For example, owners of TiVo digital video recorders (DVR) have said they find them essential but that the installation is time consuming and, in some cases, confusing. Still, TiVo recently surprised Wall Street with higher-than-expected subscription rates to its service. The company said it added 264,000 subscribers in its first quarter, bringing its total to nearly 1.6 million.
Meanwhile, TiVo Series2 DVRs have an option, called the Home Media Option, that enables the devices to be connected to home networks.
In South Korea, Samsung's digital homes still have some problems to be worked out, Yoon said. Samsung uses powerline networking in its model home demonstration, which still has some interoperability problems and effectively limits the market to new homes, where the necessary wiring can be installed during construction.
Still, a growing number of homeowners are going digital, making the market irresistible. Digital subscriber line (DSL) providers saw a spike in subscriptions last quarter, adding more new residential customers than ever, according to a study released earlier this month.
An estimated 26.9 million Americans now have broadband Internet access. Federal agencies are working on policies to meet a goal set by President Bush to make high-speed Internet access available to all Americans by 2007. And the Federal Communications Commission is looking to establish wireless as a third broadband option in the United States.
Many experts expect the use of broadband access to propel the adoption of the digital home because it will allow consumers to access digital media and commerce from more devices, as well as encourage companies to make their music and videos available online.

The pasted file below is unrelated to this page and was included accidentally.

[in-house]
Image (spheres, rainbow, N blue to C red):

At the same time, consumer electronics companies are creating more and more digital products. For years, Sony has tried to make its music and video available on computing devices. For example, the company envisions a day when a customer downloads its "Spider-Man" movie to watch on his or her computer. But a slower-than-expected rate of broadband adoption and concerns about the digital rights management of movies and music has stalled the plan.
Still, Sony and others have been creating digital products, betting that this content will be widely available on devices soon. The company has been selling a flat-panel television with wireless networking capabilities in Japan.
In addition, Samsung has been working on a TV set that receives high-definition television (HDTV) feeds wirelessly using an 802.11a connection. Samsung also has an experiment for sending multiple HDTV streams over an ultrawideband connection. And in the United States, Best Buy has been selling a Samsung refrigerator with Internet access.
Although sales of these products have been slow, Samsung expects to see demand grow as home builders and home owners invest in the increasingly sophisticated networks required to run them effectively.
"The product is still considered leading edge and futuristic, and it's fairly expensive, so it's an investment," said Brian Lucas, a Best Buy spokesman. "Only those that want the latest and greatest are going to buy one, but it shows what the future holds."